If you want a long-form alternative to books, online courses are also a great way to learn. Since they’re more interactive, they can help you retain the information better.
They can also be more appealing to different types of learners — such as kinetic learners (those that learn by doing) or visual learners.
They also have a very wide selection of courses. The online course market may seem shady to some, but it’s had years and years to refine itself. The best online courses rise to the top and gain thousands of five-star reviews. Start there if you’re unsure.
Since you can often get them for so cheap, their return on investment can be incredible.
Many times they will have videos, questions and problems to solve, diagrams and visual resources, and more. Websites like Udemy or Coursera are nearly always having sales on their courses — many times up to 95% off.
Look for courses that have great reviews and try them out. For your first one, you can try a course that’s on sale; and spend $10 on it rather than $200.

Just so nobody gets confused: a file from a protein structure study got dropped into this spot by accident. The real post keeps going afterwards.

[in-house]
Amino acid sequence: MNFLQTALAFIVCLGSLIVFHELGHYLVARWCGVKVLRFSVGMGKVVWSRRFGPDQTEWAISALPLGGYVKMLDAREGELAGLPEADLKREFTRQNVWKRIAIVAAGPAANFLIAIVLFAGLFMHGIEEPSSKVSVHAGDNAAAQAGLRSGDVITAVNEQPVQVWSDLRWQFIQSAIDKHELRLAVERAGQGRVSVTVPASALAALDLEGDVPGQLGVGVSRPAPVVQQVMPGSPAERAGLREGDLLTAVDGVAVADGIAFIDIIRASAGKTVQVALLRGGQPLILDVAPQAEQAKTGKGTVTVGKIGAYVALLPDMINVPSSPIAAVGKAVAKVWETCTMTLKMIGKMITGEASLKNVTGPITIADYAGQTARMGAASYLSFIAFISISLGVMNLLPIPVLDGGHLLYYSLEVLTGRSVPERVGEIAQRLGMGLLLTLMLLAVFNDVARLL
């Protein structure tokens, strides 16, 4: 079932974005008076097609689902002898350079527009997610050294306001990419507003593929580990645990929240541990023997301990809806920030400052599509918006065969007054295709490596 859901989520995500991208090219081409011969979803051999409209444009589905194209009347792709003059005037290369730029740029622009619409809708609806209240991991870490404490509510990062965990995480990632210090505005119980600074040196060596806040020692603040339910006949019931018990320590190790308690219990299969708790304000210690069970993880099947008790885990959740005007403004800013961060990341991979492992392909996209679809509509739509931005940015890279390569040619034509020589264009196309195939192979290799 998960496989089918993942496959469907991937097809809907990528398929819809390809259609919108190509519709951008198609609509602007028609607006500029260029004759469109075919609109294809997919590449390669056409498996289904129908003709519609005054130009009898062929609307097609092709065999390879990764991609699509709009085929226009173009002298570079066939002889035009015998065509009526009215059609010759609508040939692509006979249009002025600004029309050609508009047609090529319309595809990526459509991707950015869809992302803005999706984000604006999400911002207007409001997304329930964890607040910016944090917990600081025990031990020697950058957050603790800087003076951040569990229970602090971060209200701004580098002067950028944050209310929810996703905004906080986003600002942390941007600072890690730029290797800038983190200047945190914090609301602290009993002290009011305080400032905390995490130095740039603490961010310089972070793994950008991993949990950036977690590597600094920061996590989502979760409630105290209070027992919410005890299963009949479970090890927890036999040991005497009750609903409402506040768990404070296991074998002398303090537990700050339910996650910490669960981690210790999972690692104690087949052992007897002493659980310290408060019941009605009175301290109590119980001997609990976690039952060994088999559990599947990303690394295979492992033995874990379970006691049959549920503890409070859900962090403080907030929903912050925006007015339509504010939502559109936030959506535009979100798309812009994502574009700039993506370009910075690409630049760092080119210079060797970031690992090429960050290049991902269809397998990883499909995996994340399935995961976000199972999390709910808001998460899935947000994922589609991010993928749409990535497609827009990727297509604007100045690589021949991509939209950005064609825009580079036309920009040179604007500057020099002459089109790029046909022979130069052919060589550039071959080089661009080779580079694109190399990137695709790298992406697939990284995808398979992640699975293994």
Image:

The ultimate, tried and true way of learning to invest is by… investing! While the above resources can all greatly help you understand the ins and outs of the stock market, the only real way to know how you’ll perform is to invest.
You can read about “emotional control” in books all you want, but until you see your favorite stock’s value gets cut in half and you lose half your money, you’ll never truly know the panic you feel at that moment. To learn something, you need to practice — and investing is no different in this regard.
You can read about how to ride a bicycle all day, but until you hop and pedal, you’ll never be able to ride it. While you can certainly learn more about investing by reading than you can ride a bike, practice is still the most important part of your learning.
Start small if you’re going at it alone, then gradually build up as your confidence grows. Over time, you’ll become one of those knowledgeable investment guys that you used to be intimidated by!